TAMPA — Before Gregory Hawkins helped pull a family from a burning vehicle in a crash that claimed the lives of five people, he pulled out his cellphone.
He was startled by the scene he came upon Oct. 26 along E Dr. Martin Luther King Jr. Boulevard — a white minivan crushed and smoking, a blue Volkswagen crumpled.
Hawkins had seen the Volkswagen just minutes before, he said, speeding by him east of U.S. 301 in the company of a black car and a pair of motorcycles.
"I figured they were racing," said Hawkins, 49. "I didn't think no more of it."
Florida Highway Patrol investigators have a different explanation — for now.
The Volkswagen's driver, 22-year-old Pablo Cortes, was indeed driving at speeds well beyond the posted 50 mph limit, investigators said, and they left the door open for racing — but they said they have found no evidence of it.
"What I know about this kid, is he was driving like a race car driver and I don't put anything past him," said Sgt. Steve Gaskins.
Witnesses who saw the cars collide noticed no other vehicles in the vicinity at the time, Gaskins said. Troopers are still investigating why Cortes lost control of the car before he hit the minivan nearly head-on.
Still, Hawkins said Tuesday, they never interviewed him.
Informed about Hawkins' account by the Tampa Bay Times, Gaskins said the highway patrol will seek him out.
"There's other things we're looking at," he said. "These things take time, as they should."
Anyone else with information can reach Gaskins via email at [email protected]
Hawkins was dropping off a friend at his apartment Wednesday when he saw the two cars speeding by. He pulled into his friend's complex, Mariner's Cove, spending about a minute in the parking lot, then drove back onto Dr. Martin Luther King Boulevard and quickly came across the wreckage.
Videos that have surfaced on social media help fill in some pieces of what led up to the fiery crash. A SnapChat video showed Cortes' passenger recording with help from a speed filter as he was tearing down the road at 115 mph.
Troopers said the video was filmed at 9:38 p.m. Hawkins said his video of the crash scene was recorded six minutes later, at 9:44.
"You got a situation, a beautiful family that's lost loved ones, and you look at the situation, and oh my God, they weren't doing 115 mph for nothing," Hawkins said. "Something else is involved."
When Hawkins pulled out his camera phone at the scene of the crash, he said, he captured the same black car he saw speeding alongside the blue Volkswagen. His video shows a man peering into the wreckage of the blue Volkswagen and yell, "Pablo."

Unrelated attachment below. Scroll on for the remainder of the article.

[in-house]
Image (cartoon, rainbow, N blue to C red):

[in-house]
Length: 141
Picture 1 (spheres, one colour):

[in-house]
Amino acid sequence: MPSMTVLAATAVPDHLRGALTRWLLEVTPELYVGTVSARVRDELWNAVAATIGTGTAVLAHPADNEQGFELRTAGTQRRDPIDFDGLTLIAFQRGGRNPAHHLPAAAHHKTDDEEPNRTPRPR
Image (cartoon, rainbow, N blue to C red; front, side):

Another man grabs his head in both hands and cries out, "Oh my (expletive) God."
The two men appear to notice that the wreckage of the white Toyota Sienna minivan is on fire, with "people inside."
The video shows the black car speeding away from the scene with the men inside.
Cortes was later pronounced dead there, as was his passenger — 19-year-old Jolie Bartolome.
At a vigil on Friday night for all the crash's victims, 32-year-old Anthony Creelman said he hoped his car community learned from what happened. He knew Cortes.
"I don't want to lose anymore friends," Creelman said. "I don't want to see innocent people go anymore. I want people to see this (incident) for what it is and what it is, is something to learn from."
Hawkins' phone died after he recorded the 43 second video. Soon, he said, he was helping deputies smash open a window in the minivan.
"I looked in there, and there were kids," Hawkins said. "I dove in the window, I got the little boy out first."
Three occupants of the minivan died at the scene — John Bernal, 9, his sister Maria Bernal, 10, and the driver, their mother, 39-year-old Marianela Murillo.
Another daughter, Lina Bernal, 18, and a 15-year-old niece Luisa Louisa, who was visiting on vacation from Colombia, were taken to Tampa General Hospital with critical injuries.
In the last statement the family gave a reporter, a cousin said the girls were stable but not alert.
The Volkswagen also hit a Toyota Scion. It driver, Carla Marie Wyman, 54, suffered serious injuries.
In several posts to Facebook, the Murillo and Bernal families call Hawkins their "angel" for saving the girls. He visited the hospital. He gets texts from the family inviting him to come back any time.
People from Colombia and around the world have been reaching out to him to thank him for his heroism.
"They're wonderful people and they've shown me a lot of love," he said. "Everyone is showing one thing: universal love."
Contact Sara DiNatale at [email protected] Follow @sara_dinatale.